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y replacing biblical with what might be termed "ecclesiastical hermeneuncs," Newman moves the Apologia away from the tradition of Bunyan and nearer that of Augustine. This movement will not be complete—nor, indeed, even figurally obvious—until the opening lines of chapter IV in which Newman invokes the Augustinian topos of the medical crisis. Before he can turn to a specifically Augustinian topos, however, Newman must undergo a generic crisis. For the movement from one tradition to another represents a matter of both uneasiness and desire—the uneasiness of a convert from Protestantism about an autobiographical method tainted by old patterns, the desire of an advocate of Catholicism for an account thoroughly orthodox in principle and method.

The uneasiness appears as Newman draws the analogy between Christendom in the fifth and nineteenth centuries. He admits surprise (even in retrospect) chat the Monophysite concrovery should have instigated his conversion:

Of all passages of history, since history has been, who would have thought of going co the sayings and doings of old Eutyches, that delirus senex, as (I think) Petavius calls him, and to the enormities of the unprincipled Dioscorus, in order to be converted to Rome! [97]

In this admission Newman virtually undermines the validity of his self-interpretation by drawing attention to inconsistencies within the original analogy: not only is Eutyches, the pro-figuration of Protestantism, a "crazy old man," but Dioscorus, the man whose position is analogous to his own, is a leader "unprincipled" in the extreme— [108/109] the very charge the Apologia seeks to refute. And if the analogy creates uneasiness, Newman seems doubly uneasy as he insists that he is not writing "controversially," but is merely telling his story, narrating the events "with the one object of relating tilings as they happened to me in the course of my conversion" (97). With this statement he tries to deny that he has made any interpretation at all, at least any for which he is accountable. He claims his object to be narration — something controlled by chronology, not by autobiographical intention.29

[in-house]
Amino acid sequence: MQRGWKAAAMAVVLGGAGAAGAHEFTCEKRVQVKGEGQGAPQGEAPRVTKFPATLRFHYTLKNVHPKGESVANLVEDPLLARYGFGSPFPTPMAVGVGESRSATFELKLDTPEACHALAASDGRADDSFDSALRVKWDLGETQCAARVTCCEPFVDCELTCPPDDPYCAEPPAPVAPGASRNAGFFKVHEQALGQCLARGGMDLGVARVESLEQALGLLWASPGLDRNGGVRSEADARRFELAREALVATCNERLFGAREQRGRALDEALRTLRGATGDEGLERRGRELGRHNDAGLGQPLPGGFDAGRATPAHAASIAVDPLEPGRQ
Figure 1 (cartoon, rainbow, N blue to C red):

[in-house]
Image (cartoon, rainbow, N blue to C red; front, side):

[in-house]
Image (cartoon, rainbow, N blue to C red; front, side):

Why should Newman write with such uneasiness? In one sense, his response typifies the uneasiness of all spiritual autobiographers who formulate interpretations upon which their souls depend. As Bunyan searches for an appropriate type in Grace Abounding, for instance, he runs through the list of possible Old Testament precursors not once, but twice, each time trying desperately to find one who, like himself, having sinned greatly after receiving God's grace, has yet been forgiven. In his Memoir William Cowper, too, is riddled with guilt about faulty interpretations he has made in the past; central to his account, as the sin that led to attempted suicide, is a failure in hermeneutics, a failure to believe in the possibility of providential interpretation. Some of Newman's uneasiness is of this general sort. Newman admits that "on occasion," when he readied new interpretations of ecclesiastical material, he felt "a positive doubt" whether "the suggestion did not come from below" (100), the same fearful thought that plagues Bunyan and Cowper.30